JOHOR BAHRU: They have been standing in lines, spaced apart before they slowly made their way to the polling centres.
With face masks on and sanitisers pumped on their hands, they soon entered the centres to exercise their constitutional duty of electing Johor’s new state government.
All across the state on Saturday (Mar 12), voters for the Johor state election cast their ballots amid tight health protocols to curb the spread of the COVID-19 pandemic.
The polls are being held amid a high daily caseload in the country due to the spread of the Omicron variant. Malaysia’s health ministry reported 32,800 new COVID-19 cases on Friday, taking the cumulative total to 3,774,786.
Among the protocols put in place by the Election Commission (EC) is the online facility that enables voters to check their polling time via the MySPR Semak application.
Besides wearing masks and applying hand sanitisers, voters were encouraged to come down at their allocated time slots to avoid overcrowding at peak hours.
Voters with respiratory symptoms were still allowed to cast their ballots at designated areas within their polling stations, monitored by health officers.
Despite the strict health measures, many voters were determined to cast their ballot papers.
Among them were Mdm Hameedah Mohd Zin, a 68-year-old who cast her vote at Dewan Kampung Melayu, polling district for the state seat of Larkin.
She told CNA that the whole process was smooth and it took her less than 20 minutes to clear all the procedures and leave.
"I decided to head down early to avoid the large crowds. It's a good decision I think, the queues to enter were short," said Mdm Hameedah.
Larkin is one of the tightly contested seats, where there is a six-cornered fight between all major parties.
Besides Perikatan Nasional’s Zulkifli Bujang and Barisan Nasional’s (BN) Hairi Md Shah, the seat is also contested by Parti Keadilan Rakyat’s (PKR) Zamil Najwah Arbain, Rasid Abu Bakar of Malaysian United Democratic Alliance (MUDA), Parti Pejuang Tanah Air (Pejuang)’s Mohamad Riadz Mohamad Hashim and independent candidate Norramadan Buan.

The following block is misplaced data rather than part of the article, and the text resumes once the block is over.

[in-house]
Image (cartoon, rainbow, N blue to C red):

Over at Dato Jaafar Secondary School, polling centre for the Stulang constituency, voter Mr Benjamin Ho told CNA that it was exciting as it was his first time casting a vote.
The 19-year-old student said he felt "excited" that he could participate in selecting a candidate to represent his community.
"I think the risk of COVID-19 is always there but it is important for us to do our duty as citizens," Mr Ho added.
Stulang constituency is a five-cornered fight between incumbent PH’s Andrew Chen, BN’s Ang Boon Heng, PN’s Yap Chiang Youis, Parti Bangsa Malaysia’s Saiful Bahari Sahari and independent candidate Moharam Baharom.
The EC had earlier said that it expected about 70 per cent turnout among more than 2.59 million voters who were eligible to cast their ballots in this state election.
Johor’s state assembly was dissolved by Sultan Ibrahim Iskandar on Jan 22.
Prior to the dissolution, Johor’s chief minister Hasni Mohammad, who is from BN, justified that his state government needed a fresh mandate as it only held a slim majority following the death of former chief minister Osman Sapian in December last year.
Mr Hasni said that the election was necessary as the stability of the Johor state government was a prerequisite for investors and businesses to expand their operations in the state.
This was the first time that Johor’s election was not held concurrently with the federal election.
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